[SATLUG] nnOT: Graphics knowledge / preparing (TIFF) images for publication

Lance Schneider schneider.lh at gmail.com
Tue Aug 30 02:08:15 CDT 2011

Desktop publishing was birthed using TIFF. It can handle all sorts of
compression algorithms but does not need to be compressed - affording many
flexible options for image data manipulation. That is why it is still the
preferred format for use in publishing applications. PNG should work fine
but the compression is a necessity instead of a luxury as with TIFF. The
publishing arena is chock full of the desire not to have to adopt additional
or new methods unless absolutely necessary and some (most?) see such
deviation as making the already time-crunched atmosphere of their work
unacceptably compacted by having to take additional steps to process data.
The amount of loss in PNG is not an issue generally - compared to the extra
compression accommodation instead of being able to work with a file format
that can contain other data types or be dissected on the fly.

Basically what you are up against is publisher preference. Not always a
place where contrast and equivalent sells the other party.Here's hoping they
accept the PNG images.

On Mon, Aug 29, 2011 at 11:33 PM, Alan Lesmerises
<alesmerises at satx.rr.com>wrote:

> On 8/29/2011 7:40 AM, Don Davis wrote:
>> In a way my question is at least tangentially Linux related. This list
>> seems brimming with people who know a lot.
>> Explanation at top - questions on bottom.
>> I created a set of graphics using R. With some tweaking the images
>> looked as they should. They were generated as PNGs. Reading the
>> publishers specifications they specify no jpgs but rather TIFF. Fair
>> enough. I've sent an email asking the publisher if PNGs would be
>> acceptable (they are not receiving the images directly but as
>> incorporated in a .doc file.)
>> Questions:
>> 1. Are PNGs used in print publications? Would quality degradation be
>> apparent by simple graphs?
> I can't speak for the publishers, but both are bit-map formats.  Aside from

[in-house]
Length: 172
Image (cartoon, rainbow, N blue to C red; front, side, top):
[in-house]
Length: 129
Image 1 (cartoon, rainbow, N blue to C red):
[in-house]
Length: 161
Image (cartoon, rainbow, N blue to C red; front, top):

> differences in how the information is encoded, PNG's are like the
> next-generation successor to GIF's.  As I understand it, PNG format was
> developed to circumvent licensing issues with GIF.  It's best suited for
> images with a limited number of colors, such as logos, graphs,
> non-photorealistic illustrations (i.e., not much if any color gradients,
> etc.) and the like.  Photos and other complex images don't work all that
> well in PNG format, at least in terms of file size.
> As for TIFF's, I've seen that format used most often like standard BMP
> bitmap format files.  As long as the image sizes (in pixels) remains the
> same, you should be able to make direct conversions form PNG to TIFF.
>  2. I used imagemagick:
>>  for i in *png; do convert $i -colorspace cmyk $(echo $i | sed -e
>> 's/.png/.tif/g'); done
>> to convert PNGs to TIFF files (with cmyk colorspace). When resized the
>> print becomes unreadable. Why? How might this be avoided?
> Errors and loss of detail during image conversions usually crops up when
> either the source or the destination format (or both) uses a "lossy"
> compression method (like JPG), or when re-sizing images (especially true
> when using "lossy" compression).  As mentioned above, you should be able to
> convert from PNG to TIFF without problems as long as the image size stays
> the same and the color palette isn't reduced.  However, if in converting
> high color depth images _to_ PNG format the number of colors is reduced,
> image degradation can certainly occur.
>  Wondering - The graphs should be 300 or 600dpi. The approximate image
>> sizes for many are 1.87 x 2.89 inches. Should the images be generated as
>> 1122 x 1734. This does not seem to help when rescaled to smaller images.
> I never got why people focus on DPI when you're looking at an image on a
> computer display.  DPI has no real meaning when you're looking at an image
> on the screen -- the image is so many pixels by so many pixels.  DPI only
> comes into play when you might actually _print_ the image on paper and you
> can then measure the output.  The same 800 x 600 pixel image can be printed
> at 100 DPI, 200 DPI, or 400 DPI; the difference is in the size of the output
> (8' x 6', 4' x 3', or 2' x 1.5') and the apparent quality of the image on
> the page (the smaller image will appear sharper due to the closeness of the
> pixels).  What you should focus on is generating the original image at the
> highest resolution possible (this is important for any kind of bitmap image
> since you can't re-scale them like vector graphics) and maintaining the same
> image size and color depth during the conversion.
>  3. R creates images in many formats. I used almost the identical command
>> - basically only changing tiff for png - to create tiff graphs. The
>> dimensions (though the same) aren't coming out right. (I don't know if
>> this is an R issue or something I don't understand about graphics.)
> I haven't used R, so I can't address this question.  Sorry.
>  Thank you for your time,
>> D Davis
> I hope this helps.
> Al Lesmerises
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